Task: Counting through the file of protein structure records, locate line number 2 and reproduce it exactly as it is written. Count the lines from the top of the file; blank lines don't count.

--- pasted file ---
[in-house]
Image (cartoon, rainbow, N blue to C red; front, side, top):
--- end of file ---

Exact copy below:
Image (cartoon, rainbow, N blue to C red; front, side, top):